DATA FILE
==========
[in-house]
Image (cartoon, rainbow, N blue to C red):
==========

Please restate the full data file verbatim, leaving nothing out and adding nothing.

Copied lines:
[in-house]
Image (cartoon, rainbow, N blue to C red):